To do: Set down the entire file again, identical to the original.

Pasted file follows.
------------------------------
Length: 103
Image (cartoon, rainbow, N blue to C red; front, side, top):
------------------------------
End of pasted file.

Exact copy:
Length: 103
Image (cartoon, rainbow, N blue to C red; front, side, top):